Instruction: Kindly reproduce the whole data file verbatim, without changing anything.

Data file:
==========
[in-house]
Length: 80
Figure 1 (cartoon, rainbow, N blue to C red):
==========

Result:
[in-house]
Length: 80
Figure 1 (cartoon, rainbow, N blue to C red):